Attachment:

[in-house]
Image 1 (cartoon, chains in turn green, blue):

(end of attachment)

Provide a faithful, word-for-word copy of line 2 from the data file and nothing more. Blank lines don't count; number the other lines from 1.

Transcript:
Image 1 (cartoon, chains in turn green, blue):